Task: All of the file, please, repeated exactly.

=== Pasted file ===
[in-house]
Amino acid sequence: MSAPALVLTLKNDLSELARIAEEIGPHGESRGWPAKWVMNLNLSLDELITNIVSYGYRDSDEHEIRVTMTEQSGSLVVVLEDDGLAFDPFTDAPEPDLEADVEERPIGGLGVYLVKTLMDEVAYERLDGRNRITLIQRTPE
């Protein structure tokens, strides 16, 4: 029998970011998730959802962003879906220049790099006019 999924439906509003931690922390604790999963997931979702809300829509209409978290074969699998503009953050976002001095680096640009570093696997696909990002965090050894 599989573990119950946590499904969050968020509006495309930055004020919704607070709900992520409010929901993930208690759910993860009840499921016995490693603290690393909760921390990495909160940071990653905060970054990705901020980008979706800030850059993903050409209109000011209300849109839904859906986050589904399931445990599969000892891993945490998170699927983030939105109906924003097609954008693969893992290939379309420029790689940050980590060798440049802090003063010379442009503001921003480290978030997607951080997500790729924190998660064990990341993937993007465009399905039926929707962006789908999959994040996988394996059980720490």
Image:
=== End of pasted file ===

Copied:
[in-house]
Amino acid sequence: MSAPALVLTLKNDLSELARIAEEIGPHGESRGWPAKWVMNLNLSLDELITNIVSYGYRDSDEHEIRVTMTEQSGSLVVVLEDDGLAFDPFTDAPEPDLEADVEERPIGGLGVYLVKTLMDEVAYERLDGRNRITLIQRTPE
């Protein structure tokens, strides 16, 4: 029998970011998730959802962003879906220049790099006019 999924439906509003931690922390604790999963997931979702809300829509209409978290074969699998503009953050976002001095680096640009570093696997696909990002965090050894 599989573990119950946590499904969050968020509006495309930055004020919704607070709900992520409010929901993930208690759910993860009840499921016995490693603290690393909760921390990495909160940071990653905060970054990705901020980008979706800030850059993903050409209109000011209300849109839904859906986050589904399931445990599969000892891993945490998170699927983030939105109906924003097609954008693969893992290939379309420029790689940050980590060798440049802090003063010379442009503001921003480290978030997607951080997500790729924190998660064990990341993937993007465009399905039926929707962006789908999959994040996988394996059980720490």
Image: